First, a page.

Kate Bush: Hounds of Love (pt. 2)

katebush

Dear Matthew:

I thought you told me this album was going to be weird.

OK, I mean, it’s a little out of the ordinary. The second side did get a little out there. (The brief highland dance interlude definitely blindsided me.) And Bush’s voice is certainly not a typical pop star voice. But mostly I was just like, yeah, I could get into this.

As I thought about it, I realized that’s because I already am.

Seinfeld (stay with me on this one) is widely considered to be one of the best, most successful, most groudbreaking television programs of all time. The so-called ‘show about nothing,’ following the often bizarre adventures of four borderline-sociopathic residents of New York City, completely revolutionized the world of primetime TV. But if you were to take the average middle school-aged kid today in 2015 and show them a random episode of Seinfeld, you’d probably get a response along the lines of: “This isn’t funny.” (Or at the very least, that it’s not particularly original.)

Of course, it’s not that Seinfeld isn’t funny. Rather, it’s that Seinfeld was so funny that everything about it has been imitated by its successors to the point that aspects of the show that were once groundbreaking (the unlikable cast, idiosyncratic language, the dissection of the quirks of polite society, etc.) are now a standard part of the genre. Seinfeld changed TV so fundamentally that, to someone with a cultural tabula rasa, its explosive originality is essentially invisible.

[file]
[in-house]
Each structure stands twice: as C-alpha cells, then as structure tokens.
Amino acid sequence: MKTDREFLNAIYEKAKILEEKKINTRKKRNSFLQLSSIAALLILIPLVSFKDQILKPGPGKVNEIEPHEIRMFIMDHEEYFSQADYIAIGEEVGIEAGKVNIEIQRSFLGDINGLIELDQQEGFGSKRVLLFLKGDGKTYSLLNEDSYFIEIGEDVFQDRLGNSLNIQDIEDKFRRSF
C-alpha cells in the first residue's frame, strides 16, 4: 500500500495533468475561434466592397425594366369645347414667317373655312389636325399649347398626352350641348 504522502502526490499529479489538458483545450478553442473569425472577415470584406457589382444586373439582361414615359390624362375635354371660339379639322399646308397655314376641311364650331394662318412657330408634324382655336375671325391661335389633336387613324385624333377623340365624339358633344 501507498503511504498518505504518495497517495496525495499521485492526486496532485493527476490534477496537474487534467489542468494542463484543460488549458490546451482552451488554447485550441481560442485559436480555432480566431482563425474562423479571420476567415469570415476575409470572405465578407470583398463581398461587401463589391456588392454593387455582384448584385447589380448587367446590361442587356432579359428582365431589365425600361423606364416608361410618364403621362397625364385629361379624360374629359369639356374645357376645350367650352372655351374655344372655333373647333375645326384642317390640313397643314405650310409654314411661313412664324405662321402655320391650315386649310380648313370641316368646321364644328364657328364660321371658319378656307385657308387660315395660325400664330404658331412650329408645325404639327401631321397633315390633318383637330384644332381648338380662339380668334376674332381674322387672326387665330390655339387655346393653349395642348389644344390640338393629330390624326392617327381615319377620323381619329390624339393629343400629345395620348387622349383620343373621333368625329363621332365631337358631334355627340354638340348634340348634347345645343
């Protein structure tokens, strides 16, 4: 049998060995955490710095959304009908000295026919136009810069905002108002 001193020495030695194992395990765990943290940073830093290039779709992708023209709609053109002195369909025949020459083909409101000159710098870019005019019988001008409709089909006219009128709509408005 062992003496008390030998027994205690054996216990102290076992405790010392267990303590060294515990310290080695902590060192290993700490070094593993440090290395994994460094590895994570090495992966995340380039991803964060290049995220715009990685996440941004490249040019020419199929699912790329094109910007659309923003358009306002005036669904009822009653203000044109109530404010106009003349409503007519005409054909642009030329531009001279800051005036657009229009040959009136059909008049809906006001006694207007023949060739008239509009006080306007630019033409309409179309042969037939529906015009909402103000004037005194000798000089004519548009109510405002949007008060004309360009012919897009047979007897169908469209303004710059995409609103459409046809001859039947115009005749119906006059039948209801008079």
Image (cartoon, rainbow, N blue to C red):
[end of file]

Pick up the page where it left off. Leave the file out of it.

This phenomenon crops up in other media all the time. I’m sure this hypothetical middle-schooler would be completely nonplussed by Die Hard, and would tell you that Final Fantasy VII is a category-five cliché storm dressed up to passingly resemble a video game.

I put it to you that Kate Bush is the Seinfeld of female art-pop stars.

Bush has this apparent reputation for weirdness, but taken alongside contemporary acts like Björk, Fever Ray, or even someone like M.I.A., she’s really not as out there as I’ve been lead to believe. But I expect that this is in large part because she was the prototype for this particular type of act. Hell, even Lady Gaga owes some portion of her success to Kate Bush.

This was a fun listen. Plus, I now have some interesting new ideas for future assignments. But that’s all yet to come — I still need to rub your face in some punk rock first.

— Matt

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